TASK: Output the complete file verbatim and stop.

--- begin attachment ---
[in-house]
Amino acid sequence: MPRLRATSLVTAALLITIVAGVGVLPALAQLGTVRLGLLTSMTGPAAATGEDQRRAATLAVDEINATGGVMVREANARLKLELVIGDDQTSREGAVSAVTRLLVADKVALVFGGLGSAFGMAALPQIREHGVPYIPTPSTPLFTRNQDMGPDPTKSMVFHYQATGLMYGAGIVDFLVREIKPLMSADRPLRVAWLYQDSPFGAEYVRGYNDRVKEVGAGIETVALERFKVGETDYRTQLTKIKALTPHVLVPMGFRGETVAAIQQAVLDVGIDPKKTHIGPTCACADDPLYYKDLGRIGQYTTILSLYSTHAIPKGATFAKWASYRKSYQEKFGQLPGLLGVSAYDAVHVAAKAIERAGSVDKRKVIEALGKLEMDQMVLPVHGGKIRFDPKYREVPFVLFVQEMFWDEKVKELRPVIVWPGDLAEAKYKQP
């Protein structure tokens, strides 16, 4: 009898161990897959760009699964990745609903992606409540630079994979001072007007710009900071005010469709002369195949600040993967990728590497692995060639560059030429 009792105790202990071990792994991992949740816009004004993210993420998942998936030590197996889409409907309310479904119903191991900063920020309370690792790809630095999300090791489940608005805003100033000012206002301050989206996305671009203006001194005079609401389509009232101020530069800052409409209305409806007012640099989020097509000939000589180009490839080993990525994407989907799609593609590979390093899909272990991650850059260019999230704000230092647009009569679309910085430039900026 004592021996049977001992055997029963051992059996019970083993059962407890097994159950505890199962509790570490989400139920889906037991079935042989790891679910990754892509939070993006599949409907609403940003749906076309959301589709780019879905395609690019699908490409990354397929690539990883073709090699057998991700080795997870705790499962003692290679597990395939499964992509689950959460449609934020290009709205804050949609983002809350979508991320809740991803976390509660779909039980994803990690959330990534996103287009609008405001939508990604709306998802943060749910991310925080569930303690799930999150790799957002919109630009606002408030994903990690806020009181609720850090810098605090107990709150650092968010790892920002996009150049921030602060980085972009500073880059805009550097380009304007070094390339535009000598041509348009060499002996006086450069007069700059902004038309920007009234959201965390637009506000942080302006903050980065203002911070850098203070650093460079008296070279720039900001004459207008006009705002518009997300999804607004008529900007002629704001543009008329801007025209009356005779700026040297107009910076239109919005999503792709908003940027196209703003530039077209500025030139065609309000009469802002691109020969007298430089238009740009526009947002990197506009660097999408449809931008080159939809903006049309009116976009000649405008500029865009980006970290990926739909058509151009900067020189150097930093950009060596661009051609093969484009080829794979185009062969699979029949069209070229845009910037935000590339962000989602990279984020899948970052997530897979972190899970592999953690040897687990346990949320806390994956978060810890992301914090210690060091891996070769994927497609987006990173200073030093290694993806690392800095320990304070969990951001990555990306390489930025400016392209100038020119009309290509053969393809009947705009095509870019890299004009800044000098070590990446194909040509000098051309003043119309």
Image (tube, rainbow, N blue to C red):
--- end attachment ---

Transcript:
[in-house]
Amino acid sequence: MPRLRATSLVTAALLITIVAGVGVLPALAQLGTVRLGLLTSMTGPAAATGEDQRRAATLAVDEINATGGVMVREANARLKLELVIGDDQTSREGAVSAVTRLLVADKVALVFGGLGSAFGMAALPQIREHGVPYIPTPSTPLFTRNQDMGPDPTKSMVFHYQATGLMYGAGIVDFLVREIKPLMSADRPLRVAWLYQDSPFGAEYVRGYNDRVKEVGAGIETVALERFKVGETDYRTQLTKIKALTPHVLVPMGFRGETVAAIQQAVLDVGIDPKKTHIGPTCACADDPLYYKDLGRIGQYTTILSLYSTHAIPKGATFAKWASYRKSYQEKFGQLPGLLGVSAYDAVHVAAKAIERAGSVDKRKVIEALGKLEMDQMVLPVHGGKIRFDPKYREVPFVLFVQEMFWDEKVKELRPVIVWPGDLAEAKYKQP
């Protein structure tokens, strides 16, 4: 009898161990897959760009699964990745609903992606409540630079994979001072007007710009900071005010469709002369195949600040993967990728590497692995060639560059030429 009792105790202990071990792994991992949740816009004004993210993420998942998936030590197996889409409907309310479904119903191991900063920020309370690792790809630095999300090791489940608005805003100033000012206002301050989206996305671009203006001194005079609401389509009232101020530069800052409409209305409806007012640099989020097509000939000589180009490839080993990525994407989907799609593609590979390093899909272990991650850059260019999230704000230092647009009569679309910085430039900026 004592021996049977001992055997029963051992059996019970083993059962407890097994159950505890199962509790570490989400139920889906037991079935042989790891679910990754892509939070993006599949409907609403940003749906076309959301589709780019879905395609690019699908490409990354397929690539990883073709090699057998991700080795997870705790499962003692290679597990395939499964992509689950959460449609934020290009709205804050949609983002809350979508991320809740991803976390509660779909039980994803990690959330990534996103287009609008405001939508990604709306998802943060749910991310925080569930303690799930999150790799957002919109630009606002408030994903990690806020009181609720850090810098605090107990709150650092968010790892920002996009150049921030602060980085972009500073880059805009550097380009304007070094390339535009000598041509348009060499002996006086450069007069700059902004038309920007009234959201965390637009506000942080302006903050980065203002911070850098203070650093460079008296070279720039900001004459207008006009705002518009997300999804607004008529900007002629704001543009008329801007025209009356005779700026040297107009910076239109919005999503792709908003940027196209703003530039077209500025030139065609309000009469802002691109020969007298430089238009740009526009947002990197506009660097999408449809931008080159939809903006049309009116976009000649405008500029865009980006970290990926739909058509151009900067020189150097930093950009060596661009051609093969484009080829794979185009062969699979029949069209070229845009910037935000590339962000989602990279984020899948970052997530897979972190899970592999953690040897687990346990949320806390994956978060810890992301914090210690060091891996070769994927497609987006990173200073030093290694993806690392800095320990304070969990951001990555990306390489930025400016392209100038020119009309290509053969393809009947705009095509870019890299004009800044000098070590990446194909040509000098051309003043119309």
Image (tube, rainbow, N blue to C red):